David Eagleman is a neuroscientist and a New York Times bestselling author. He directs the Laboratory for Perception and Action at the Baylor College of Medicine, and also heads the Center for Science and Law. He is best known for his work on sensory substitution, time perception, brain plasticity, synesthesia, and neurolaw.
Beyond his 100+ academic publications, he has published many popular books. His bestselling book Incognito: The Secret Lives of the Brain, explores the neuroscience "under the hood" of the conscious mind: all the aspects of neural function to which we have no awareness or access. His work of fiction, SUM, is an international bestseller published in 28 languages and turned into two operas. Why the Net Matters examines what the advent of the internet means on the timescale of civilizations. The award-winning Wednesday is Indigo Blue explores the neurological condition of synesthesia, in which the senses are blended.
Eagleman is a TED speaker, a Guggenheim Fellow, a winner of the McGovern Award for Excellence in Biomedical Communication, a Next Generation Texas Fellow, Vice-Chair on the World Economic Forum's Global Agenda Council on Neuroscience & Behaviour, a research fellow in the Institute for Ethics and Emerging Technologies, Chief Scientific Advisor for the Mind Science Foundation, and a board member of The Long Now Foundation. He has served as an academic editor for several scientific journals. He was named Science Educator of the Year by the Society for Neuroscience, and was featured as one of the Brightest Idea Guys by Italy's Style magazine. He is founder of the company BrainCheck and the cofounder of the company NeoSensory. He was the scientific advisor for the television drama Perception, and has been profiled on the Colbert Report, NOVA Science Now, the New Yorker, CNN's Next List, and many other venues. He appears regularly on radio and television to discuss literature and science.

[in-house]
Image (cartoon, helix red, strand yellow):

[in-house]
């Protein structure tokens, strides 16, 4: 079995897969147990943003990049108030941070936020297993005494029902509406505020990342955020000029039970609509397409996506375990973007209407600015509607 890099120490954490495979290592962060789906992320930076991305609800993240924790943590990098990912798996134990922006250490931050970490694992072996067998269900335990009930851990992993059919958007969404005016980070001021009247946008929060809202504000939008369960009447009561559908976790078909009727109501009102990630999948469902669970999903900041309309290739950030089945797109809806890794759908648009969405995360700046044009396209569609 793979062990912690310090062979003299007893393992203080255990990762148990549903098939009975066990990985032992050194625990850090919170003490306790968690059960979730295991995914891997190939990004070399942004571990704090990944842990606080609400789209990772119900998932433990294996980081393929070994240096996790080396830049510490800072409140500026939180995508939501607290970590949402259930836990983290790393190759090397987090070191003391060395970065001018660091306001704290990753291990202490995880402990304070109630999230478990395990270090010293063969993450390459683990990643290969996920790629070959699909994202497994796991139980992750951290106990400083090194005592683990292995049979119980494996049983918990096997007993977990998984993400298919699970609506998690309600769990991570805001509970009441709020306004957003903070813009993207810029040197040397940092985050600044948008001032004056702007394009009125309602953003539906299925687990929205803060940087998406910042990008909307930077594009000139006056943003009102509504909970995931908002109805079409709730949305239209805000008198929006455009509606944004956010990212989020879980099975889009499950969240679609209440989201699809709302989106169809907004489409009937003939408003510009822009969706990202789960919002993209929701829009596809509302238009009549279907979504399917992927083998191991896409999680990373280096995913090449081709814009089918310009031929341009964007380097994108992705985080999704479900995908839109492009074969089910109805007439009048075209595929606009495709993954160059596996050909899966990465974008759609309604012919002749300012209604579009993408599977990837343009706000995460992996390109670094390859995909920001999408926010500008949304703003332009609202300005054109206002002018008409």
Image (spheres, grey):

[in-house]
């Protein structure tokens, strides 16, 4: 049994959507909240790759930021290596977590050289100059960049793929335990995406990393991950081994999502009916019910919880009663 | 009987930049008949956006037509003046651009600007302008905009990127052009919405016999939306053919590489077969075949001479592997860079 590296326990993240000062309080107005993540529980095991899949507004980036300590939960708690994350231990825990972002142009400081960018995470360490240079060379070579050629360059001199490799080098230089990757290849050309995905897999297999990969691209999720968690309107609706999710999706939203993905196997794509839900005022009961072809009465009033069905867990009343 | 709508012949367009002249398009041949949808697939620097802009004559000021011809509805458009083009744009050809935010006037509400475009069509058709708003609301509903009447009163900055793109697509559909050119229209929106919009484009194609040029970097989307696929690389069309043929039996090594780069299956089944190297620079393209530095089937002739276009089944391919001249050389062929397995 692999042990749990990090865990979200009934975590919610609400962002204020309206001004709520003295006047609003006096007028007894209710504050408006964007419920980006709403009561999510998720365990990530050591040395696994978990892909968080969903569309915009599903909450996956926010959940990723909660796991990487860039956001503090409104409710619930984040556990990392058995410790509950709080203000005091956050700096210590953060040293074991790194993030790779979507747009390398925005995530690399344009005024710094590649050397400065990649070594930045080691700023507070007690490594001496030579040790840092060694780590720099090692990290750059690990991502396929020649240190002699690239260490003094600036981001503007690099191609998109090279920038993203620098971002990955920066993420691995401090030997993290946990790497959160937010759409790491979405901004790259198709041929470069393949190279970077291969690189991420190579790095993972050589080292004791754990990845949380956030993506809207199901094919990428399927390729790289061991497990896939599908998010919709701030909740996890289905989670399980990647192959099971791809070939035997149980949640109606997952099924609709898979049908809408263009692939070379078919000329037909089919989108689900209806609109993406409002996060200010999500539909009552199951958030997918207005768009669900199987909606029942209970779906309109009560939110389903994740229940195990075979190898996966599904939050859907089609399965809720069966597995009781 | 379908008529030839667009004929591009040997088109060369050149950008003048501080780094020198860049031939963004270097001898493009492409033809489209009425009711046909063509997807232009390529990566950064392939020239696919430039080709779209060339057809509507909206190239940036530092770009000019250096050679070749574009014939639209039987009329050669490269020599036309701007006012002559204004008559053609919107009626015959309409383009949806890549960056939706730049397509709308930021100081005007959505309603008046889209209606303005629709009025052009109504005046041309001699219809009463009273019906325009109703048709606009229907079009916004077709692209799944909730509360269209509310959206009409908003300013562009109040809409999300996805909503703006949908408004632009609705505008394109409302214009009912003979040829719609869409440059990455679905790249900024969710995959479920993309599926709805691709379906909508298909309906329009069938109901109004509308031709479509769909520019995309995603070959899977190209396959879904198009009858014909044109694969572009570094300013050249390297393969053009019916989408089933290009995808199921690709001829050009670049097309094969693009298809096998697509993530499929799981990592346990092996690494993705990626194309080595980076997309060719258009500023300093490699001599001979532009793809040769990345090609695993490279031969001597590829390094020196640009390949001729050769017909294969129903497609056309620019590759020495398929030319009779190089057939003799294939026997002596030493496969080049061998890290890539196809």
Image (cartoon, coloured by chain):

See David Eagleman's TEDx talk entitled "The Future of Reality"
Sum was the only book of fiction in New Scientist magazine's selection of Best Books of 2009.
David has been named a John Simon Guggenheim Fellow. He will use the fellowship opportunity to pursue the genetics and neuroimaging of synesthesia.
SUM was chosen as the best book of 2009 by Chicago Tribune's Pulitzer-winning literary critic Julia Keller.
The author Will Self and I appeared on stage together to discuss life, death, and what makes good writing.
Hear British rocker Jarvis Cocker read the short story "Descent of Species" from Sum.
The shootings at Sandy Hook on December 14, 2012 sparked debate ranging from gun control to bulletproof windows. But the most fruitful approach may be
I hosted a BBC radio documentary to explore the imagination of one of Italy's foremost writers, Italo Calvino.
I have been asked in the past to list ten books that have "inspired, moved, and enlightened" me. Here's my list:
Brian Eno and I have twice performed a musical version of Sum, once at the Sydney Opera House, and once at the Brighton Dome. Learn more.
Interested in synesthesia? Watch a lecture I gave at the University of Sydney in Australia.
In October 2010, I spoke at PopTech on the limits of science, the problems of false dichotomies, and my new movement of possibilianism. See the video.
We love NPR's Radiolab. If you haven't listened to it yet, you should. Check out several episodes featuring David's science or writing.
Well before we understand how brains work, we may find ourselves able to digitally copy the brain's structure and able to download the conscious mind
Interested in the intersection of the brain and the legal system? Watch a talk I delivered at the Royal Society for the Arts in London,
Designing how we would like to experience our universe...